Baked Sweet Omelet

MAKES: 2 servings

TIME: About 30 minutes

The sweet omelet isn’t something we see often, but really does make sense in the way pancakes, crepes, and other desserty breakfasts do. Plus, think of all the egg-based desserts, like custards and flans. Serve hot or at room temperature, sprinkled with confectioners sugar and a selection of marmalade, jam, jelly, or Macerated Fruit and whipped cream, creme frache, or yogurt.

4 eggs

1/2 cup milk or cream

1 tablespoon all-purpose flour

Pinch salt

2 tablespoons sugar

2 tablespoons butter

Preheat the oven to 350В°F.

Separate the eggs (see Separating Eggs). Beat the yolks with the milk, flour, salt, and sugar. Beat the whites until stiff but not dry.

Put the butter into a large ovenproof skillet, preferably nonstick, over medium heat. When it melts, gently fold the egg whites into the yolk mixture. Pour into the skillet and cook for 2 minutes, then transfer to the oven. Bake until puffy and browned on top, 10 to 20 minutes.

Variations

Baked Almond or Hazelnut Omelet. Substitute almond or hazelnut flour (or grind some almonds or hazelnuts in a spice grinder until finely chopped but not a paste) for the regular flour and add 1/4 cup chopped almonds or hazelnuts. Mix the flour and chopped nuts with the eggs; proceed with the recipe.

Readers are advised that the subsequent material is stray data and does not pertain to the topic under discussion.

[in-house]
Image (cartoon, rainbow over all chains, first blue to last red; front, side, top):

Baked Sweet Omelet with Dried Fruit. Use any chopped dried fruit: Add 3 tablespoons or so chopped dried fruit and about 2 tablespoons sesame seeds, if you like. Mix the dried fruit and sesame seeds with the egg mixture; proceed with the recipe.

Baked Cherry Omelet. Raspberries, blueberries, halved apricots, and slices of peach or nectarine work nicely too: Add 1/2 cup pitted cherries (frozen and defrosted are okay), substitute creme frache or sour cream for milk or cream, and add a pinch of ground cinnamon if you like. Mix the cherries and creme frache with the egg mixture; proceed with the recipe.

Eggs, Not Necessarily for Breakfast

You might call these savory egg dishes, but what’s more savory than a fried egg? What these have in common is a certain level of, for want of a better term, nonbreakfastness. You can, of course, eat anything for breakfast (including cold leftover pizza, as I’m sure you know); but these are somewhat more substantial dishes, suitable for family dinners and company.